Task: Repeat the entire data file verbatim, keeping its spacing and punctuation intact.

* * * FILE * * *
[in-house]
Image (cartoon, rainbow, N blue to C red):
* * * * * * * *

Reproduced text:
[in-house]
Image (cartoon, rainbow, N blue to C red):